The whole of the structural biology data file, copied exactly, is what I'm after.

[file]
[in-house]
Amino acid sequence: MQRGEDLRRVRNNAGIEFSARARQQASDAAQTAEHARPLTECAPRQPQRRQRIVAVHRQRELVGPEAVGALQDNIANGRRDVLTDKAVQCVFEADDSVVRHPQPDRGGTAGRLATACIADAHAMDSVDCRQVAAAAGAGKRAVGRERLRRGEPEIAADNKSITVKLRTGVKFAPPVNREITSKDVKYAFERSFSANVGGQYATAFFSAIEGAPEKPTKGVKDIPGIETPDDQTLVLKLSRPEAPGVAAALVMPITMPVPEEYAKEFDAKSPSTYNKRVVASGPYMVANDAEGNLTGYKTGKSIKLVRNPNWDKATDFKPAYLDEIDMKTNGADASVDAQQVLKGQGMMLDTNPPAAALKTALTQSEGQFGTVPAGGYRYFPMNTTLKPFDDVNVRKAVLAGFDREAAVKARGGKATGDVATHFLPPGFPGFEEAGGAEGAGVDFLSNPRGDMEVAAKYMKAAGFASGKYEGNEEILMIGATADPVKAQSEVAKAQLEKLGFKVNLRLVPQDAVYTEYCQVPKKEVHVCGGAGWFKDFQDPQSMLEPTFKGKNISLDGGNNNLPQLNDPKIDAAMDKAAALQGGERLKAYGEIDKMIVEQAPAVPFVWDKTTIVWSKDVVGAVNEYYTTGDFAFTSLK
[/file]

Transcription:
[in-house]
Amino acid sequence: MQRGEDLRRVRNNAGIEFSARARQQASDAAQTAEHARPLTECAPRQPQRRQRIVAVHRQRELVGPEAVGALQDNIANGRRDVLTDKAVQCVFEADDSVVRHPQPDRGGTAGRLATACIADAHAMDSVDCRQVAAAAGAGKRAVGRERLRRGEPEIAADNKSITVKLRTGVKFAPPVNREITSKDVKYAFERSFSANVGGQYATAFFSAIEGAPEKPTKGVKDIPGIETPDDQTLVLKLSRPEAPGVAAALVMPITMPVPEEYAKEFDAKSPSTYNKRVVASGPYMVANDAEGNLTGYKTGKSIKLVRNPNWDKATDFKPAYLDEIDMKTNGADASVDAQQVLKGQGMMLDTNPPAAALKTALTQSEGQFGTVPAGGYRYFPMNTTLKPFDDVNVRKAVLAGFDREAAVKARGGKATGDVATHFLPPGFPGFEEAGGAEGAGVDFLSNPRGDMEVAAKYMKAAGFASGKYEGNEEILMIGATADPVKAQSEVAKAQLEKLGFKVNLRLVPQDAVYTEYCQVPKKEVHVCGGAGWFKDFQDPQSMLEPTFKGKNISLDGGNNNLPQLNDPKIDAAMDKAAALQGGERLKAYGEIDKMIVEQAPAVPFVWDKTTIVWSKDVVGAVNEYYTTGDFAFTSLK